When you keep in mind that the elephants at the conservation center were all domesticated animals that were formerly put to work under less than humane circumstances, it doesn’t seem abusive to have them perform tricks for tourists. No elephants are trapped in the wild and brought there. It’s possible to stay at the center for extended periods as a volunteer to help with the upkeep of the elephants. During my visit I talked to a woman from England who was doing just that. If there was anything shady going on behind the scenes with respect to the treatment of the elephants I don’t think the administrators of the center would want a bunch of foreign animal lovers on the site 24 hours a day. In addition, visitors to the center are free to roam at will through the facility. I did and no one tried to steer me away from anything.

During the demonstration of logging techniques none of the elephants were given arduous tasks to perform. None of the handlers, known as mahouts, used coercive measures on the elephants. Each of the animals would also have known that after they finished the show the visitors would be given the chance to feed them corn, bananas, and sugarcane, all of which they clearly relished. Their diet staple at the center, is a type of tall grass. That may sound as boring to an elephant as it does to us.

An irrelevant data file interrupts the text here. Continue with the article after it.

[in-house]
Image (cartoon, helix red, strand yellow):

Even if these wonderful animals had the ability to survive in the wild – which is unlikely – the fact is that very little of their ancestral habitat is left. Thailand is one of the most heavily deforested countries in Asia. From the plane on my flight to Bangkok I had seen the dense forests of Laos give way to the grassy farmland of Thailand as I flew over the Mekong River that forms the border between the two countries. It was jarring to see such disparate landscapes so close together.